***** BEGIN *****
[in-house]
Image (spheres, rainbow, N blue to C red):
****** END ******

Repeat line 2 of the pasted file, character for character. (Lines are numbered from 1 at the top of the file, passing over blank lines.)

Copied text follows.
Image (spheres, rainbow, N blue to C red):